The Canadian Consulate in Hong Kong banned its local staff from traveling to China, so they have canceled scheduled trips to the interior of the country, as reported on Aug. 22 by The Globe and Mail.
“At present, locally engaged staff will not undertake official business travel outside of Hong Kong,” the consulate said. “Hong Kong staff, it noted, are not eligible for diplomatic passports,” which provide some additional protections.
Similarly, the consulate provided more information on the increase in controls in China: “Increased screening of travelers’ digital devices has been reported at border crossings between mainland China and Hong Kong,” said the Canadian Consulate, quoted .
About 300,000 Canadian citizens live in Hong Kong.
Canadian Prime Minister Justin Trudeau called on Aug. 21 for respect for human rights, according to CNBC.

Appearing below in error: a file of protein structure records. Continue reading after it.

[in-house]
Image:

Simon Cheng, an employee of the British Consulate, was also arrested the same day in the city of Shenzhen, near Hong Kong.
The Chinese communist regime also accused Britain, Canada, and other countries of interfering with its internal affairs, CNBC reported.
Tensions between Ottawa and Beijing have increased since the arrest of Huawei’s chief financial officer, Meng Wanzhou, daughter of the company’s founder, at the request of the United States on Dec. 1 at the Vancouver airport, which severely damaged relations between Beijing and Ottawa.
On the other hand, the Chinese regime arrested former diplomat Michael Kovrig and businessman Michael Spavor, both Canadians, on Dec. 10 in an apparent attempt to pressure Canada to release Meng.